The essay denotes a person considered to possess the Prometheus-like quality of being the fire-giver, who at his own expense and risking even his life, works relentlessly towards benefiting his fellow man. Martin Luther King Jr. is a persona of great relevance to the struggle of the Civil Rights Movement against racial segregation and discrimination. Through peaceful protests and nonviolent actions, he endeavored to attain equal rights for all.
The African-American Civil Rights Movement recognizes, among other relevant personas of the righteous, nonviolent struggle for the outlawing of racial discrimination against African-Americans, for their full and fair employment, for their right to vote and for adequate integrated education, Martin Luther King Jr. as a visionary of peace amidst the tumultuous times of the 1950s, during which he became “the most significant representative of the link between protest and religion” (Cashman, 1991, p. 121).
King’s charmingly eloquent persona and an aching desire for equality have made him an optimistic crusader whose torch of rectitude lit many hearts in the 1950s America. In the times of gross segregation, he was persistent in his nonviolent rebellion against the establishment, firmly believing in the teachings of Mahatma Gandhi, that the only way to successfully resist governmental tyranny is through mass civil disobedience. His enthusiastically relentless efforts led to the famous March on Washington in 1963, during which he delivered his acclaimed speech, entitled “I Have a Dream.” This 17-minute public speech “demonstrates the enduring significance of his words as the clearest societal vision ever portrayed of what America can and should be” (Echols, 2004, p. 1). King’s oratory power and passion for his cause have made it into a monumental speech which changed the lives of the audience forever.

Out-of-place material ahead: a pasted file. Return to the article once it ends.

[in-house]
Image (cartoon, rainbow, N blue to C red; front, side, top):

Despite his superhuman efforts for the achievement of a color blind Utopia, he deeply felt the “overwhelming nature of problems [he] was trying to address” and is quoted saying that “people expect [him] to have answers yet [he doesn’t] have any answers” (Cashman, 1991, p. 211). In the end, humanly frail and mortal, yet with the soul of a fire-giver, King has since become a world-renowned national icon of peaceful rebellion against racial segregation and discrimination. His words have brought pride and love of fellow man into the lives of millions, not offering solutions to everyone’s troubles, but a means of acquiring a better tomorrow.
Cashman, S. D. (1991). African-Americans and the Quest for Civil Rights, 1900-1990. New York: New York University.
Echols, J. (2004). I Have a Dream: Martin Luther King Jr. and the Future of Multicultural America. Minneapolis: Augsburg Fortress.
Fleming, A. (2008). Martin Luther King Jr: A Dream of Hope. New York: Sterling Publishing Co., Inc.